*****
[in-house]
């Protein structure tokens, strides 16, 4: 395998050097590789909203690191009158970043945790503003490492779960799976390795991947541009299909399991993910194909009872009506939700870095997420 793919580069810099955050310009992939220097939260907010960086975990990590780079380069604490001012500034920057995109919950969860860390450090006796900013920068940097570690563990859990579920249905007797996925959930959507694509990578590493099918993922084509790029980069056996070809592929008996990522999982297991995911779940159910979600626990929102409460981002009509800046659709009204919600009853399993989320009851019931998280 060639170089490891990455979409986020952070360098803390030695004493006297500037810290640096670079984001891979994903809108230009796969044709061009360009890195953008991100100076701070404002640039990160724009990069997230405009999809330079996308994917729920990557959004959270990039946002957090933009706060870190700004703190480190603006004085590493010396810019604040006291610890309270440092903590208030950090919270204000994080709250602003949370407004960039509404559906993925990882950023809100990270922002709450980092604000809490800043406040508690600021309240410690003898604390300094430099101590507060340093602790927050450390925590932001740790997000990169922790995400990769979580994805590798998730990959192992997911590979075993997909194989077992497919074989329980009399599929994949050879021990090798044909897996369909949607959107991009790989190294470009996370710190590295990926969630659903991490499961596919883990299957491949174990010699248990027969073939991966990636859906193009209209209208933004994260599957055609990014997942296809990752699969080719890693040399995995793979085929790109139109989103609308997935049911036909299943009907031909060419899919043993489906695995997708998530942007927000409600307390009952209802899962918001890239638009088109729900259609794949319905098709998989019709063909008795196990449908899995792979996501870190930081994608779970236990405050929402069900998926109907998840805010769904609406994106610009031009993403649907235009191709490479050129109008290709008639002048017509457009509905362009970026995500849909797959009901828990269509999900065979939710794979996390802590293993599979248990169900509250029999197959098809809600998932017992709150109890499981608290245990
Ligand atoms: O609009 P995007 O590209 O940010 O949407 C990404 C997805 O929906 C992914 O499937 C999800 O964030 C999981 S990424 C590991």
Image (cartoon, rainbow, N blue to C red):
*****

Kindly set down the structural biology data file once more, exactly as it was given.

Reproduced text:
[in-house]
């Protein structure tokens, strides 16, 4: 395998050097590789909203690191009158970043945790503003490492779960799976390795991947541009299909399991993910194909009872009506939700870095997420 793919580069810099955050310009992939220097939260907010960086975990990590780079380069604490001012500034920057995109919950969860860390450090006796900013920068940097570690563990859990579920249905007797996925959930959507694509990578590493099918993922084509790029980069056996070809592929008996990522999982297991995911779940159910979600626990929102409460981002009509800046659709009204919600009853399993989320009851019931998280 060639170089490891990455979409986020952070360098803390030695004493006297500037810290640096670079984001891979994903809108230009796969044709061009360009890195953008991100100076701070404002640039990160724009990069997230405009999809330079996308994917729920990557959004959270990039946002957090933009706060870190700004703190480190603006004085590493010396810019604040006291610890309270440092903590208030950090919270204000994080709250602003949370407004960039509404559906993925990882950023809100990270922002709450980092604000809490800043406040508690600021309240410690003898604390300094430099101590507060340093602790927050450390925590932001740790997000990169922790995400990769979580994805590798998730990959192992997911590979075993997909194989077992497919074989329980009399599929994949050879021990090798044909897996369909949607959107991009790989190294470009996370710190590295990926969630659903991490499961596919883990299957491949174990010699248990027969073939991966990636859906193009209209209208933004994260599957055609990014997942296809990752699969080719890693040399995995793979085929790109139109989103609308997935049911036909299943009907031909060419899919043993489906695995997708998530942007927000409600307390009952209802899962918001890239638009088109729900259609794949319905098709998989019709063909008795196990449908899995792979996501870190930081994608779970236990405050929402069900998926109907998840805010769904609406994106610009031009993403649907235009191709490479050129109008290709008639002048017509457009509905362009970026995500849909797959009901828990269509999900065979939710794979996390802590293993599979248990169900509250029999197959098809809600998932017992709150109890499981608290245990
Ligand atoms: O609009 P995007 O590209 O940010 O949407 C990404 C997805 O929906 C992914 O499937 C999800 O964030 C999981 S990424 C590991």
Image (cartoon, rainbow, N blue to C red):